Whenever such missional amnesia happens in a church, people may fixate on parts and pieces of church life, even good parts, their favorite parts, like the music, the fellowship, even the food, all the while forgetting the greater purpose that all the good parts and pieces serve. Or they might find that they are pursuing opposing missions. Conflict and differences then arise, not over how to carry out the church’s mission, which always requires discussion, discernment and adjustments, and rightfully so, but over the church’s very mission itself. That leads to a power struggle over who is most able to impose their mission upon others. Its much better if people join a group, a business, an organization, and, of course, a church, if they are joining not only the people whom they love and admire, but if they are also knowingly joining their mission, one they can agree enough upon, one they can keep remembering, one for which they always keep making course corrections and adjustments, so as to better pursue their common mission. Of course it helps if that mission includes having the best possible relationships with each other.

And that’s what Paul is doing with his Corinthian friends: reminding them of the mission they had forgotten, and telling them how better to pursue it. That mission is succinctly put in verse 23: “All this for the sake of the gospel.”

The gospel hopefully we all know. Jesus came preaching, “The Kingdom of God is at hand; Repent and believe the gospel,” which means, “good news.” In John’s Gospel, the good news is that “God so loved the world that he gave his only begotten Son, so that whoever believes in him will not perish but have eternal life.”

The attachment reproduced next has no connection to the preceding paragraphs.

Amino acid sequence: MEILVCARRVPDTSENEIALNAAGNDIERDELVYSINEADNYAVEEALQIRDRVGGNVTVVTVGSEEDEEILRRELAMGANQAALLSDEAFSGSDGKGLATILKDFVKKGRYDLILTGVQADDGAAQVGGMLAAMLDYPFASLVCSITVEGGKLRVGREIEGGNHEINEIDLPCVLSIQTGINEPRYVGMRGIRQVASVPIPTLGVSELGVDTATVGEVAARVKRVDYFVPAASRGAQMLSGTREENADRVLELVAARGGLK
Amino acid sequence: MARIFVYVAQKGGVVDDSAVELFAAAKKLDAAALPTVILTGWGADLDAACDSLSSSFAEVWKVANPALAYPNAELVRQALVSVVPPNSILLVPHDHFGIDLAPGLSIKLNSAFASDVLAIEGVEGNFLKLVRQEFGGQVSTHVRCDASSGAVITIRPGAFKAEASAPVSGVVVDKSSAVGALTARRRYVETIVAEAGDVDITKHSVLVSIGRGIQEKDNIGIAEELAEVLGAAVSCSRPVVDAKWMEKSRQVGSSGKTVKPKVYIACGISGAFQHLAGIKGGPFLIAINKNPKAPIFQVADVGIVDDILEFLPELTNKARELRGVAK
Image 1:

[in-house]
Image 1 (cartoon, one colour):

That’s the gospel, or good news. But all what for the gospel? Well, in this case, its relationships, and what Paul wants people to do in order to best relate to people inside and outside of the church. In today’s passage, Paul uses his missionary practice as an example of how he wants the Corinthian Christians to relate to each other. One of the earliest, most versatile, adaptable missionary anthropologists after Jesus, Paul is able to put himself into the shoes—no, make that even the skin—of all sorts of people, those with the law—fellow Jews—and those without the law—Gentiles; the weak, the strong and everyone in between. “I become all things to all people,” he says, not to try and make them like him better, for that would be hypocrisy. He says, “I become all things to all people so that by all means I might save some of them.” That is, that he might better share the gospel with them in language and terms they can best understand, so that at least some of them will accept the gospel.